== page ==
November 13 – Colossians 4:7-18
Main focus: Relationships are the primary context for the ministry Jesus has given us to fulfill.
Here we are friends, at the end of our fourteen-week series in Colossians! For three and a half months we’ve talked about what it means to live as a Citizen of Jesus’s Kingdom, and this week is a great time to look back and reflect on that time, so we’ll kick off discussion with a quick question about something you’ve learned from the series. We tend to live fast-paced lives in which it’s all too easy to move on to the next thing without much time to process and, in doing so, fail to celebrate what God has done in us through his word.
Once you’ve done that, jump into the passage for this week which, admittedly, is a bit of a tricky one. Reading 4:7-18 is a bit like stumbling into someone else’s conversation, filled with references to people you don’t know and events you weren’t there for. Much like the final greetings in Paul’s other letters, this section is a hodgepodge of side comments to individuals in the church and from mutual friends. However, one thing is quite clear in this passage and relevant to celebrating our 20th anniversary as a church: ministry happens only in the context of human relationships. Sure, our 20 years have seen many successes and achievements, killer sermon series and conferences, exquisite devotionals and handouts—the Jesus videos, no less! But the true work God has given us, the only work that will endure into eternity, is with people, the shepherding of souls.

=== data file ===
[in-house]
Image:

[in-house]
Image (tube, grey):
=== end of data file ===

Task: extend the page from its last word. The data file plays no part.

Back to all the names in this passage—in this intro we’ll look at a bit of background on some of these people, but our discussion won’t rely on it. Instead, we’ll try to pick up on the caliber of these relationships, how people were treating each other and how they felt about each other, in order to talk about the relational context of ministry, to sense out how God uses others in our lives and how God intends to use us in the lives of others.
We won’t cover every name here, but keep in mind how these bits of backstory communicate the sorts of relational dynamics in the early church. First, Paul mentions faithful Tychicus since he hand-delivered Paul’s letter to the Colossian church (along with Paul’s letter to Ephesus, cf. Eph 6:21, and likely his letter to Philemon). Later in verse 12 you’ll see Epaphras, the man who planted the church in Colossae (cf. Col 1:7) and is always “struggling” or “wrestling” on their behalf in prayer. Towards the end you’ll see Nympha, who hosted a church in her home likely at her personal expense. The work of ministry is the work of faithful men and women like them, serving others and paving the way for ministry in order to encourage their hearts (4:8) and expand the kingdom.
In 4:9 you’ll see Onesimus, the runaway slave who became a Christian and who Paul sent back to his master, Philemon, in order to reconcile whatever situation led to Onesimus’s escape. Go read the letter to Philemon, which explains all this, and you’ll see an example of how the gospel completely changes the way people relate to one another, taking people who would otherwise never be together and making them into a family.